Roughly a third of all food worldwide goes to waste.
Outside of the obvious direct costs, that waste has numerous other repercussions: much of it goes to landfills, where it generates methane, a greenhouse gas. Resources such as water and seeds are squandered. And at the same time, one in four people are experiencing food insecurity.
"We're wasting all this food when folks are going hungry," said Erin Meyer, Sustainable Food Programs coordinator for UC Merced.
From April 10-16, the university is taking part in Food Waste Prevention Week, an annual effort to raise awareness of food waste and encourage people to reduce it. Events include a pledge, submission of tips and a video contest with cash prizes.
"The best way to avoid food waste is to prevent it from happening in the first place," Meyer said.
Students, faculty and staff are encouraged to take a pledge to reduce food waste. "They can submit three ways they are going to pledge to reduce," Meyer said.
The steps don't have to be major life changes all at once. "Maybe it's cooking smaller portions, or checking the fridge before making a shopping list," Meyer said.
Participants also are asked to submit their own ideas for food waste reduction tips. Those will be shared via social media.
Organizers also are hosting a food waste prevention video contest, which is open to anyone in Merced County, not just students or others affiliated with the university.
Videos must be under three minutes, contain three tips, be professional and appropriate, and contain original content, including any music used. The first-place prize is $250. The second-place video will receive a $100 prize, and third place will get $50. Videos can be submitted to the Food Waste Prevention Week website by April 16.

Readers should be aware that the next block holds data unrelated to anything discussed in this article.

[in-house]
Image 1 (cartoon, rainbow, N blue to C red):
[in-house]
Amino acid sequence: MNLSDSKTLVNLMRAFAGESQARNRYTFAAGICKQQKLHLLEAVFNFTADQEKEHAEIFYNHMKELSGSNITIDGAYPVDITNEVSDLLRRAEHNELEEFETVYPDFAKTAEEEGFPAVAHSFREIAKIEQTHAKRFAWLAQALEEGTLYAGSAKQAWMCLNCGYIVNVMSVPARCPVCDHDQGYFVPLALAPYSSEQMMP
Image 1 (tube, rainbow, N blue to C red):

At UC Merced, sustainability has been embedded into the fabric of the university since the start. It is the only institution in the United States to have all its buildings certified under U.S. Green Building Council (USBGC) Leadership in Energy & Environmental Design (LEED) and has received more than 15 awards in the last five years for its actions and programs.
So it's no surprise that UC Merced has its own food waste reduction programs, including a new "No Food Left Behind " effort. Through this program, leftover food from catering events is made available to students, faculty and staff through a first-come, first-served basis.
People who order from the university's Lakeside Catering check a box to make it a No Food Left Behind event if there are leftovers. When that happens, a text goes out to people who sign up, letting them know that food is available and where.
"They'll get texts about surplus food at events and other surplus food," Meyer said. There are no income or other restrictions for who can come get something to eat. "And it's really good, catered food."
To get alerts, text FOOD to 85523.
In addition, food is "rescued" from participating local supermarkets and restaurants and made available at pop-up events each Saturday. The products are all still good, but perhaps about to be replaced on a shelf by new inventory, or leftover from a flea or farmers market.
"They donate their surplus so that it's not wasted; it goes to those in need," Meyer said.
The university is also part of a UC-wide effort to spend at least 25 percent of its food-buying budget on plant-based items by 2030. The Merced campus has already surpassed that goal, buying 26 percent plant-based food.
But they aren't settling for that success, Meyer said. "We have a stretch goal of 30 percent."